> from
> x.y.0 is supposed to be same for x.y.1 and onwards. So there seems to be a
> ABI stability guarantee for patch releases. (Can someone from LLVM/Clang
> devs confirm this? Tom Stellard told me it's indeed "official")

See item #4: http://llvm.org/docs/HowToReleaseLLVM.html#release-patch-rules

> This combined with the fact that distros usually co-install LLVM/Clang
> minor releases (3.5, 3.6, ...) should avoid us running in ABI issues, no?
3.5 and 3.6 have different ABIs, so you will have to pick one to link
against unless your project has some kind of wrapper library that allows
you to support both versions at the same time.

Right, that's what I was referring to. We pick either 3.5 or 3.6 as dependency
at compile time. Updates to the library then wouldn't cause issues for us,
since patch releases are supposed to be ABI compatible.

(Personally I didn't know there was such a guarantee in LLVM at all. Good to
know!)

In article <CAOsfVv=xwTSzkHsGomikvdG4EWJorCJVJx5nz695TR5vYaQ8Gw@mail.gmail.com>,
    Manuel Klimek <klimek@google.com> writes:

The original plan was to basically get refactorings into libclang once
they're working well enough. To my knowledge we don't have such
refactorings yet - is the SOC project about building refactorings, too? :slight_smile:

Every time I've asked about where to put refactoring tools, I'm always
told "clang-tidy", but this doesn't make the refactorings usable in
any context outside of clang-tidy.

Now I'm hearing that there was some plan to have them in a library all
along?

In article <CAOsfVv=xwTSzkHsGomikvdG4EWJorCJVJx5nz695TR5vYaQ8Gw@mail.gmail.com>,
Manuel Klimek <klimek@google.com> writes:

The original plan was to basically get refactorings into libclang once
they’re working well enough. To my knowledge we don’t have such
refactorings yet - is the SOC project about building refactorings, too? :slight_smile:

Every time I’ve asked about where to put refactoring tools, I’m always
told “clang-tidy”,

I’d fine that very curious… (when I say refactoring I usually mean “Fowler-style”)

In article <CAOsfVvnRwj36LrGnCRv4y7hi9S+ioEzyJNxaEc=aM-WmLNDrHA@mail.gmail.com>,
    Manuel Klimek <klimek@google.com> writes:

> Every time I've asked about where to put refactoring tools, I'm always
> told "clang-tidy",

I'd fine that very curious... (when I say refactoring I usually mean
"Fowler-style")

Ah, so you're thinking of very general refactorings like Extract
Method, Inline Method, etc. Over the years I've written up some
refactorings in Fowler style that are specific to C/C++:
<https://legalizeadulthood.wordpress.com/category/refactoring/>

The refactorings I've been doing in clang-tidy are maybe what you
would call "micro refactorings":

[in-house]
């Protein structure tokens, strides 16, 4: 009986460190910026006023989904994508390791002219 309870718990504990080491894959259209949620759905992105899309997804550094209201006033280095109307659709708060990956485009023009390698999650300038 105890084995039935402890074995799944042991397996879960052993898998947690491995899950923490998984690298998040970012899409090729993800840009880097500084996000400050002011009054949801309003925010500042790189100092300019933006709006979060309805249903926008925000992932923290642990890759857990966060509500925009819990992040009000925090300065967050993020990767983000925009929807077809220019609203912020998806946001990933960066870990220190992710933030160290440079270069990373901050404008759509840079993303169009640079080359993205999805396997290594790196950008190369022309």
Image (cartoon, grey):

if (b == true) => if (b)

...and yet, these sorts of things are *very* useful from an IDE. Yes,
you can run clang-tidy and mark these as "fixups" that are available
by applying the suggested patch from clang-tidy, but both the micro
refactorings and the Fowler style ones seem like they'd be better off
in a library that was invoked in a shorter turnaround cycle from an
IDE. Do you agree?

clang-tidy is batch oriented. IDEs are interactive.

In article <CAOsfVvnRwj36LrGnCRv4y7hi9S+ioEzyJNxaEc=aM-WmLNDrHA@mail.gmail.com>,
Manuel Klimek <klimek@google.com> writes:

Every time I’ve asked about where to put refactoring tools, I’m always
told “clang-tidy”,

I’d fine that very curious… (when I say refactoring I usually mean
“Fowler-style”)

Ah, so you’re thinking of very general refactorings like Extract
Method, Inline Method, etc. Over the years I’ve written up some
refactorings in Fowler style that are specific to C/C++:
<https://legalizeadulthood.wordpress.com/category/refactoring/>

The refactorings I’ve been doing in clang-tidy are maybe what you
would call “micro refactorings”:

if (b == true) => if (b)

…and yet, these sorts of things are very useful from an IDE. Yes,
you can run clang-tidy and mark these as “fixups” that are available
by applying the suggested patch from clang-tidy, but both the micro
refactorings and the Fowler style ones seem like they’d be better off
in a library that was invoked in a shorter turnaround cycle from an
IDE. Do you agree?

clang-tidy is batch oriented. IDEs are interactive.

I think that’s not true in general. clang-tidy, the command line tool, in its current form is batch oriented. I don’t think there’s a generic limitation to integrate clang-tidy into IDEs (we integrate it into our code review tool for example).

I’m curious. How is the integration of clang-tidy with the review tool working?
Something that is run automatically before the reviewer even sees the code or something that is run on-demand, suggestion-by-suggestion?
Do the clang-tidy changes stay in the same CL or are separate CLs generated and submitted automatically?

I’m curious. How is the integration of clang-tidy with the review tool working?
Something that is run automatically before the reviewer even sees the code or something that is run on-demand, suggestion-by-suggestion?

Do the clang-tidy changes stay in the same CL or are separate CLs generated and submitted automatically?

More details than you will probably want, but hey, you asked :smiley:
http://static.googleusercontent.com/media/research.google.com/en/us/pubs/archive/43322.pdf